The bottom line? Quick as the click of a mouse, it’s there: a salacious message, a graphic image, a pornographic suggestion.
In fact, according to the Pew study (which was not done online and questioned parent and young users separately), one in 10 of all online teens reported having “logged off altogether” at the time of the survey because they’d had bad experiences or because they did not feel safe. Only 18 percent of such incidents commonly are reported, usually to Internet providers by parents or by the young users themselves.
The “Dateline NBC” series To Catch a Predator has been followed by 10 million viewers, according to Nielsen Media Research, and has been its highest ratings-grabber of the 2006 season. For three seasons, television audiences have cheered as reporter Chris Hansen has profiled the methods and operations of Perverted-Justice, a citizen’s action group. Going undercover for months, years even, in Riverside County, Calif., Queens, N.Y, Fairfax, Va., Greenville, Ohio and Ft. Myers, Fla., “Dateline” and Perverted-Justice have set up Internet identities and hired adult actresses to pose as 13-year-old girls for Web cameras to lure men to rented homes, where they think they’re going have sex with an underage girl. Lawyers, corporate executives, a rabbi, even a sixth-grade teacher, showed up at various points during the five investigations. One man arrived with his 5-year-old son in tow. At press time, 97 arrests—all men—had been made in conjunction with the series. Once busted, several men insisted they wanted to “just talk” to the 13- or 14-year-old girl they had arranged to meet. Some had actually seen the series on television and in the post-bust interview admitted that despite this, they couldn’t resist the temptation. In several cases, the men admitted on-air they had “sensed” the meeting they had arranged was “phony.” Yet still they arrived, one after another, alcohol, drugs, condoms in possession, for their prearranged meeting with what they expected to be a willing minor at home alone.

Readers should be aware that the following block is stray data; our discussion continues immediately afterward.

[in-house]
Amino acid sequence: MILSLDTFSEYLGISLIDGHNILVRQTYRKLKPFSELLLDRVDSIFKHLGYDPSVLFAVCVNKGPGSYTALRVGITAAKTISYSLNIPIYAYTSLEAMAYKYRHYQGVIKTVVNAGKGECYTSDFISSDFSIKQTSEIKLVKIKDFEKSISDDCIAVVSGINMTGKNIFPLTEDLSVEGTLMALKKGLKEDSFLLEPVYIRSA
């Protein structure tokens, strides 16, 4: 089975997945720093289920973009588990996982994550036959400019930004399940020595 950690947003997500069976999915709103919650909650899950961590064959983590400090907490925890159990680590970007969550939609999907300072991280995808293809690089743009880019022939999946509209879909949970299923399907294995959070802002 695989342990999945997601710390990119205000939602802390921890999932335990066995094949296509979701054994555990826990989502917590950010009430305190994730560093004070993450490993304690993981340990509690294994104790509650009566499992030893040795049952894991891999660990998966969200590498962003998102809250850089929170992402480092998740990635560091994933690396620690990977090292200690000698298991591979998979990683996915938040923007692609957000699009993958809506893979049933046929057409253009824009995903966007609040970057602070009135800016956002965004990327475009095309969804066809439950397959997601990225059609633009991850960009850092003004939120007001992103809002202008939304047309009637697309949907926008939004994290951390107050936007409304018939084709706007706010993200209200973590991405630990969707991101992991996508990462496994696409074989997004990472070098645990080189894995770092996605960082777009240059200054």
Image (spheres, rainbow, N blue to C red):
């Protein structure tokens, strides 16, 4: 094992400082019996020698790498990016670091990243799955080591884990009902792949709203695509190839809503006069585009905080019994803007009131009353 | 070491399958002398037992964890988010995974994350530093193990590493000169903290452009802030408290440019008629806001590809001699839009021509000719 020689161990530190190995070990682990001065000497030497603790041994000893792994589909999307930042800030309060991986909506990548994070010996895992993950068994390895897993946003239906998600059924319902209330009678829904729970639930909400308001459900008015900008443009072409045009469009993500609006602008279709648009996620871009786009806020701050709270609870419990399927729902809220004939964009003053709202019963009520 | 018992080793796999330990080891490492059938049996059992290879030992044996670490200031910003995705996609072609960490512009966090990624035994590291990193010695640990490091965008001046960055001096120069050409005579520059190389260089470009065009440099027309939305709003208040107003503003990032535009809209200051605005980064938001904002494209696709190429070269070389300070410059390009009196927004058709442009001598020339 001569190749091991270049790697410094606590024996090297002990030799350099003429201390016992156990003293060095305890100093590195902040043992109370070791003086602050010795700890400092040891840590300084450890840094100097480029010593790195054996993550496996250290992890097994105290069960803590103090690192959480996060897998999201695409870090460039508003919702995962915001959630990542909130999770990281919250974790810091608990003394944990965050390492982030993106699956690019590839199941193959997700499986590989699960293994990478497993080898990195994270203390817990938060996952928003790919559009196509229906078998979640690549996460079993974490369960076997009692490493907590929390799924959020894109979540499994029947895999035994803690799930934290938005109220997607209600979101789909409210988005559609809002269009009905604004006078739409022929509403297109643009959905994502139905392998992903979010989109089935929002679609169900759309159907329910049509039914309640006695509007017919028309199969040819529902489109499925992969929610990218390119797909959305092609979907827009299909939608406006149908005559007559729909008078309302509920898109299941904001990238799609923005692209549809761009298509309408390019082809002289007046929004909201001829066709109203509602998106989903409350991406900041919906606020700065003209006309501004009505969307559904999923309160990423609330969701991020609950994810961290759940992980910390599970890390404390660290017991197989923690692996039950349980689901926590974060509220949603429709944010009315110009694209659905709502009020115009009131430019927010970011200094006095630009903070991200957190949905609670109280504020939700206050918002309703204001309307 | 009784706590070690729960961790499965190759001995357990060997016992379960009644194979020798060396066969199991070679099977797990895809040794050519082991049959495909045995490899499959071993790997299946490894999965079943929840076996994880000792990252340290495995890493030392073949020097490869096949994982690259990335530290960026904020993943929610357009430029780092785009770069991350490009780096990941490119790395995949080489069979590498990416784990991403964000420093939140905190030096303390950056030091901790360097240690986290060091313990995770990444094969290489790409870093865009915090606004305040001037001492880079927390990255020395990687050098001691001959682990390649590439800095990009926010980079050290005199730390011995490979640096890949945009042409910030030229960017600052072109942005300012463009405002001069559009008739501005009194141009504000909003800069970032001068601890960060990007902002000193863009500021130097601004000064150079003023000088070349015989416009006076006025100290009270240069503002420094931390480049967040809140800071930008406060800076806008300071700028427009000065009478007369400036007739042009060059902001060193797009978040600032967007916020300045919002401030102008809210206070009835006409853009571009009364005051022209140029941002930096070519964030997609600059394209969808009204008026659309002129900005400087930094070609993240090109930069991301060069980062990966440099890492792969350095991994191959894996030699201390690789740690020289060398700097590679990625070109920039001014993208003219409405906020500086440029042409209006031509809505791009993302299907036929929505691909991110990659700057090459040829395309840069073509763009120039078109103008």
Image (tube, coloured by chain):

Bits of the series were aired on other networks, including Fox and MSNBC. The chilling footage outraged viewers, many of whom might be further incensed to learn that controversy exists about the privacy and personal possession rights of the men involved. This debate has interfered with the implementation of filters and other online security tools designed to identify and block the kind of objectionable material such individuals are sending to young Internet users.